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  • Solar power is a key piece of most plants for a carbon neutral energy future.

  • While silicon based solar cells are by far the most common technology, one relative newcomer, solar cells that use perovskite crystals, has been getting better by leaps and bounds.

  • At this rate, perovskite solar cells could become an attractive alternative to silicon in the near future.

  • Or the two types of solar cells could join forces to take solar power to new heights.

  • Perovskites are a class of materials that have a cube like and diamond like crystal structure.

  • So the first perovskites were discovered more than 180 years ago.

  • They were only applied to solar cells within the last two decades.

  • They work the same way other semiconductor based solar cells do.

  • Light from the sun excites electrons in the material and those electrons flow to conducting electrodes and generate a current.

  • In 2006, perovskite cells were about 3% efficient, fast forward to 2020 and some researchers were boasting 25% efficiency.

  • For comparison, the first silicon solar cells were created in a lab as far back as 1940.

  • In the 80 years since then, they've matured steadily to the point where they are now typically 15% to 20% efficient.

  • It's true that silicon cells are getting cheaper all the time, but they're still relatively expensive and difficult to make.

  • Perovskite cells, on the other hand, can be made with simpler manufacturing processes, like printing the crystals onto a surface, so they have the potential to be much cheaper.

  • Wait, it gets better.

  • Because perovskite are artificial, they can be designed to be most efficient at certain wavelengths, meaning they can work in tandem with silicon in a solar cell to generate electricity from light that silicon can't use.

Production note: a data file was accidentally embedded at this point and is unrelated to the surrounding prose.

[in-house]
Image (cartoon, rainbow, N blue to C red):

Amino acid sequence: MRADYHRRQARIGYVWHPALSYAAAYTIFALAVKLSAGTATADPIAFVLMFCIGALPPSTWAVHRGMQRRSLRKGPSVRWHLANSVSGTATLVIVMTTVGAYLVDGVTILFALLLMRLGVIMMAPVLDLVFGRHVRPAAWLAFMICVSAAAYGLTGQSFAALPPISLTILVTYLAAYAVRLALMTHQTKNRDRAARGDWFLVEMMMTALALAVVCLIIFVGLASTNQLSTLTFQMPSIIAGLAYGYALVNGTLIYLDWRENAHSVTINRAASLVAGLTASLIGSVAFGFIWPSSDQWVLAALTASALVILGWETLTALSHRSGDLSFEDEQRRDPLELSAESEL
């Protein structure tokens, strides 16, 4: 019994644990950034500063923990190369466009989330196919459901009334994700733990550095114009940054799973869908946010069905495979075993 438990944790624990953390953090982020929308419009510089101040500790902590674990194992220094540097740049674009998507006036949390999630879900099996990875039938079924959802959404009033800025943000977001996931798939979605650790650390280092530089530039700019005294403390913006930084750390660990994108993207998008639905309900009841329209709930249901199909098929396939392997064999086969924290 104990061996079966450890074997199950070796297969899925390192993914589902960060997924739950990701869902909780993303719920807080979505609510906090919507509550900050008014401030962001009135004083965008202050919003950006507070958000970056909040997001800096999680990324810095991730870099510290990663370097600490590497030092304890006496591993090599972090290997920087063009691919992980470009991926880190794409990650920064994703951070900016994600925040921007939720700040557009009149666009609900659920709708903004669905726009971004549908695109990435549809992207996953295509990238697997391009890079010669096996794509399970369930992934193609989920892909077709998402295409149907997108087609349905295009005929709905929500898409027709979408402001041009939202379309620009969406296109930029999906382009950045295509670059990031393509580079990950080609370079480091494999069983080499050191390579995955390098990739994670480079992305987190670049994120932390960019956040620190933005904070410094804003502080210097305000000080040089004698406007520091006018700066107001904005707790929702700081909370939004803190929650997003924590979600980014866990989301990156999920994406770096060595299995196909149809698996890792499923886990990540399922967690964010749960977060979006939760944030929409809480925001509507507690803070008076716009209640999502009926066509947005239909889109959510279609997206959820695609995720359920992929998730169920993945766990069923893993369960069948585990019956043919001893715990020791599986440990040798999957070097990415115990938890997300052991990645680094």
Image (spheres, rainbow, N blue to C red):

• These tandem solar cells are already a hair's breadth from 30% efficiency and still have room for improvement.

  • It's also possible to paint perovskite crystals onto a surface, meaning you could literally paint your house into a solar panel.

  • You know, provided your house's exterior is made of materials that can conduct the electricity the crystals generated.

  • Just, you know, that caveat.

  • Oh hey, look at that.

  • We are at the halfway point of the video, and everything I've said about the technology thus far has been glowing.

  • You know what that means, right?

  • There's a but coming, and here it is.

  • Perovskite solar cells have amazing potential, but they still face a few challenges before they'll be commercially viable.

  • One major challenge is degradation.

  • While silicon cells can last 25 years or more, perovskite aren't anywhere close to that.

  • Their performance drops off in the span of months rather than years.

  • The material is fragile and degrades when exposed to moisture, oxygen, high heat and... light.

  • A solar cell that breaks down when exposed to light is, shall we say, less than ideal.

  • It's also difficult to make large perovskite cells to maintain high efficiency.

  • Pinholes and impurities between the grains can hinder the flow of current, and these problems get worse over larger areas.

  • These defects also give humidity and oxygen a foothold to start breaking down the material, so, larger perovskite cells degrade faster.

  • And finally, there is the issue that a major component of the crystals themselves is lead.

  • Either the toxicity and environmental concerns of using lead will have to be addressed, or researchers will have to find an alternative.

  • Despite all that, it's still incredible just how far perovskite solar cells have come in such a short amount of time.

  • The next generation of solar cells that use perovskite and silicon in tandem could be hitting the market as soon as 2022.

  • In terms of efficiency, perovskites have caught and surpassed the most established solar power technology there is in the span of just 15 years.

  • New breakthroughs, inefficiency, lifespan and scalability are happening all the time.

  • If researchers can keep up that piece of innovation, the future of solar power looks very bright indeed.

  • To learn more about how exactly solar panels work, check out this illuminating light speed episode here.

  • Thanks so much for watching.

  • Be sure to hit that subscribe button and I will see you next time on seeker.

Solar power is a key piece of most plants for a carbon neutral energy future.

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B2 solar silicon peroxide solar power tandem efficiency

How Crystals Can Turn Any Surface Into a Solar Panel

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    林宜悉 posted on 2021/04/16
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